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I'm one of those people who find it hard to live without the latest gear when it comes to computers, but I'm also really cautious when it comes to managing a budget. I tend to save up a few hundred pounds every few months and blow it all on upgrading my PC. My PC is to me, what a brand new Golf GT Sport is to a boy racer.
The latest upgrade to empty my bank balance is a brand new 22" Widescreen TFT monitor - the Acer AL2216W. I've had my heart set on a new monitor for a while now - even though my old one is a 19" conventional TFT - and the choice to go widescreen wasn't really a difficult one. What frustrated me about my old monitor was that most streams, TV broadcasts and DVDs are in widescreen format, and on a 4:3 monitor this leaves two very unappealing black bars that engulf the top and bottom of the screen. In this era of rich multimedia experiences, if your intention is to go with a large monitor - as is more and more common now with the advances in technology and drop in cost - the only way to go is widescreen.
After shopping around, there were a few reasons I settled on this particular model. I'd learnt my lesson from previous monitor and TV purchases, and I knew that buying from the internet alone was a bad idea. I decided that the best way to really see which monitor excelled was to see them side by side, first hand. I jotted down a couple of stores that had this monitor in stock - along with some other contenders - and hit the high street.
When I got the chance to see the various models that fell in my budget side by side, I noticed that the AL2216W really stood out from the others. The monitor seemed to be a lot more robust and sturdy and despite being the thinnest on offer by few millimetres, the overall build quality was noticeably better than the others.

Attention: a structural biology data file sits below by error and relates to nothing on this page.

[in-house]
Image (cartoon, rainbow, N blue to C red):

I was sold when I saw the picture quality whilst the monitor was playing a blu-ray film. Even though it falls short of what some would consider "True HD", being only a VGA input rather than DVI and having a maximum resolution of 1680x1050, it was better than any other monitor of it's size I'd seen before and certainly wowed me over the improvement in quality to what I was used to with my old Samsung monitor. The 700:1 contrast ratio really showed, with some others only having 500:1. The monitor has a 5ms response rate, and whilst gamers might want better from their monitor, it really hasn't effected me at all and it still a pretty good rate.
Connecting the monitor to the PC was easy, and even though I had to use a DVI-> VGA adapter to get it to plug into my graphics card, it was a painless procedure. Windows immediately detected the monitor and helped set it to it's optimum resolution. I connected my old monitor to the second display connector on my graphics card, and Windows also detected this and extended my desktop to cover both the screens. I find having the space of two screens improves my productivity even more than having a large widescreen!